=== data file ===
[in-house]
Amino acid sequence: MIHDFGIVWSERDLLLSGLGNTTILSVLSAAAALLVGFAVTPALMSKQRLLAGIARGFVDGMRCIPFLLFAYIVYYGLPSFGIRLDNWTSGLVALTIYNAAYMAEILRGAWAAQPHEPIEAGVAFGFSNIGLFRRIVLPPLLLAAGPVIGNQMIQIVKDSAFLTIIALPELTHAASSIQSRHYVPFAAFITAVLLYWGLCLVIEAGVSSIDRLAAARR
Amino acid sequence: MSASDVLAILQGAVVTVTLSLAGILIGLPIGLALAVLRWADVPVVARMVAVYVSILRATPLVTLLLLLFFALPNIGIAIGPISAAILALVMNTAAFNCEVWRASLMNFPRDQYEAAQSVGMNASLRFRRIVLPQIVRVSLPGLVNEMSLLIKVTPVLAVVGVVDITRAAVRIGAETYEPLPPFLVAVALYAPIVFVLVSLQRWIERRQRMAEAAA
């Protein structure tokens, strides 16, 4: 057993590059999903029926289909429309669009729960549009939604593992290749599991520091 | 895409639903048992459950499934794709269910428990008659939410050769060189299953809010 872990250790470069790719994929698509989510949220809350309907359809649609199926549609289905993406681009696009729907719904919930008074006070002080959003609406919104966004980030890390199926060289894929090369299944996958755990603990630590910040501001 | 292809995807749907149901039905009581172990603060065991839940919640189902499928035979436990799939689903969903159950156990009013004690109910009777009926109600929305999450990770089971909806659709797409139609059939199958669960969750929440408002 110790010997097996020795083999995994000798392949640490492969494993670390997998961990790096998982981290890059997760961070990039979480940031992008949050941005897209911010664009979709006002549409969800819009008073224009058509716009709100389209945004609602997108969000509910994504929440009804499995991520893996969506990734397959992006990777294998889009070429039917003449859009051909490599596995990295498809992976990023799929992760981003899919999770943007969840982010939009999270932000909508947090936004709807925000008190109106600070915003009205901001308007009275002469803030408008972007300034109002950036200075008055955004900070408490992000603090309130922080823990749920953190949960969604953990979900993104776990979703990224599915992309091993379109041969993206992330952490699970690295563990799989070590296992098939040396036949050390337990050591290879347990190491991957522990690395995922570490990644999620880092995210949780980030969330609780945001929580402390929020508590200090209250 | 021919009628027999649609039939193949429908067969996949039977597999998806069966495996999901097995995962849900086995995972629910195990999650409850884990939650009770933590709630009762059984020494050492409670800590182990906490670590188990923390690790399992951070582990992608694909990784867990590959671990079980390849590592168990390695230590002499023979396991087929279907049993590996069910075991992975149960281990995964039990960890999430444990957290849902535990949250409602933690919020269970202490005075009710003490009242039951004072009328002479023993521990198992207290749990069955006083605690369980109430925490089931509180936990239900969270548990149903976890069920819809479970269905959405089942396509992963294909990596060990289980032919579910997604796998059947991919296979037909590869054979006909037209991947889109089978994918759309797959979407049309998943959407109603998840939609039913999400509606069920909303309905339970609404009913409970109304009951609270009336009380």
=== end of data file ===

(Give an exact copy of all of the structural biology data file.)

[in-house]
Amino acid sequence: MIHDFGIVWSERDLLLSGLGNTTILSVLSAAAALLVGFAVTPALMSKQRLLAGIARGFVDGMRCIPFLLFAYIVYYGLPSFGIRLDNWTSGLVALTIYNAAYMAEILRGAWAAQPHEPIEAGVAFGFSNIGLFRRIVLPPLLLAAGPVIGNQMIQIVKDSAFLTIIALPELTHAASSIQSRHYVPFAAFITAVLLYWGLCLVIEAGVSSIDRLAAARR
Amino acid sequence: MSASDVLAILQGAVVTVTLSLAGILIGLPIGLALAVLRWADVPVVARMVAVYVSILRATPLVTLLLLLFFALPNIGIAIGPISAAILALVMNTAAFNCEVWRASLMNFPRDQYEAAQSVGMNASLRFRRIVLPQIVRVSLPGLVNEMSLLIKVTPVLAVVGVVDITRAAVRIGAETYEPLPPFLVAVALYAPIVFVLVSLQRWIERRQRMAEAAA
């Protein structure tokens, strides 16, 4: 057993590059999903029926289909429309669009729960549009939604593992290749599991520091 | 895409639903048992459950499934794709269910428990008659939410050769060189299953809010 872990250790470069790719994929698509989510949220809350309907359809649609199926549609289905993406681009696009729907719904919930008074006070002080959003609406919104966004980030890390199926060289894929090369299944996958755990603990630590910040501001 | 292809995807749907149901039905009581172990603060065991839940919640189902499928035979436990799939689903969903159950156990009013004690109910009777009926109600929305999450990770089971909806659709797409139609059939199958669960969750929440408002 110790010997097996020795083999995994000798392949640490492969494993670390997998961990790096998982981290890059997760961070990039979480940031992008949050941005897209911010664009979709006002549409969800819009008073224009058509716009709100389209945004609602997108969000509910994504929440009804499995991520893996969506990734397959992006990777294998889009070429039917003449859009051909490599596995990295498809992976990023799929992760981003899919999770943007969840982010939009999270932000909508947090936004709807925000008190109106600070915003009205901001308007009275002469803030408008972007300034109002950036200075008055955004900070408490992000603090309130922080823990749920953190949960969604953990979900993104776990979703990224599915992309091993379109041969993206992330952490699970690295563990799989070590296992098939040396036949050390337990050591290879347990190491991957522990690395995922570490990644999620880092995210949780980030969330609780945001929580402390929020508590200090209250 | 021919009628027999649609039939193949429908067969996949039977597999998806069966495996999901097995995962849900086995995972629910195990999650409850884990939650009770933590709630009762059984020494050492409670800590182990906490670590188990923390690790399992951070582990992608694909990784867990590959671990079980390849590592168990390695230590002499023979396991087929279907049993590996069910075991992975149960281990995964039990960890999430444990957290849902535990949250409602933690919020269970202490005075009710003490009242039951004072009328002479023993521990198992207290749990069955006083605690369980109430925490089931509180936990239900969270548990149903976890069920819809479970269905959405089942396509992963294909990596060990289980032919579910997604796998059947991919296979037909590869054979006909037209991947889109089978994918759309797959979407049309998943959407109603998840939609039913999400509606069920909303309905339970609404009913409970109304009951609270009336009380």